I Was the CEO in a Male-Dominated Field When I Came Out to My Company as a Trans Woman

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As told to Jacquelyne Froeber

June is Pride Month.

I remember pulling into the parking spot, turning off the car and just sitting there for a minute.

My office is in the suburbs on Long Island, so it’s quiet. It was just me and the nervous click of my French manicure on the steering wheel.

I watched the clock turn to 8:59. Fifty-nine minutes earlier, I’d hit send on an email letting my staff know that I was coming into work for the first time as a woman. I, Wynne, would be at work around 9 a.m.

Coming out to my colleagues was the final piece of the puzzle. I’d gone through the medical transition and the legal transition. I’d told my close friends and family. Now, I was ready to step into my professional life as Wynne. But I was also so anxious I could hardly breathe.

I sent the email because I wanted to give people a little time to process the news before I showed up. I’m the CEO of the company and I’ve worked with many of my colleagues for years — decades even — so it was understandable that people may be surprised. Or shocked.

Part of me was worried that coming out could hurt my career. I love my job and I’d worked so hard to get to this place professionally. But I was finally ready to live my life — all of my life — as my authentic self.

As far back as I can remember, I’ve always been drawn to the female experience. I wanted to play with dolls and the Easy Bake Oven. I wanted to look cute like the girls. I didn’t want to hang with the boys.

It wasn’t so much that I knew from the time I was 4 that I should be a female — it was that I knew that something wasn’t right. But I was having a tough time identifying what that was. Nobody really knew anything about trans people back in my era. Maybe you saw a sensational headline here or there, but we didn’t have access to the kind of information we do now.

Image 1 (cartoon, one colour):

In my 20s, everything changed. It was the early ’90s and home computers became a thing. When I got one — it was as big as the wall — my whole world opened up. There were a number of trans activists who’d put a lot of information online and I read every word. I started to see how all the pieces of my puzzle fit together.

The realization was like a soothing balm to my brain. I wasn’t the only person in the world that felt this way. Just having the knowledge that I wasn’t as screwed up as I thought — that there are other people in the same boat — gave me a sense of peace and also lit a fire within me.

But, as I like to say, it took me a long time to bake, just like one of those Easy Bake ovens. I went through all the fear, anxiety and emotion that most trans people go through. How would coming out affect my life? Are my friends going to be able to understand? Is my mother going to talk to me?

I didn’t necessarily have those answers, but eventually I had mine. In 2015, I started the transitioning process.

Only a few people knew that I was transitioning. The process can take years, so I had time to consider how I wanted to tell the people in my life. And that meant my mother. I knew telling her would be a challenge.

I was raised in an Irish Catholic household and I was an only child. My father passed away years before I came out, so it was just us in our immediate family. I told her I wanted her to use my preferred name and my pronouns. But when she didn’t, I never got mad at her. I had to find the humor in it. My mother was a product of a different time, so I don’t fault her for not understanding. But one year before she passed, my aunt who was also older but much more progressive, said to her, “Eileen, why can’t you get what’s going on? Why are you being so difficult?”

Overall, everyone in my life has been very supportive. I think some of that is in the approach. In situations like my workplace, I wanted to tell people early but not too early. I wanted to take the edge off the surprise but also have a presence so people could see me. I was still their colleague. I wasn’t just some words in an email.

So, in early 2017, I got out of my car, took a deep breath, and walked into work as Wynne. I saw the same familiar faces — supportive faces — and my breathing started to go back to normal. The nervousness started to fall away.

A lot of my anxiety stemmed from seeing two guys I was pretty good friends with at work. I wasn’t sure what their reaction was going to be (let’s just say they’re not exactly liberal). But when they saw me they embraced me with such love and support — I was speechless. Surprised. Hopeful.

I was 56 years old when I came out. Do I wish I’d done it years ago? Sure. Everyone who knows me knows how happy I am. But you can’t get back time so don’t waste a minute hiding who you are. People can surprise you. And you may be surprised how happy you can be.

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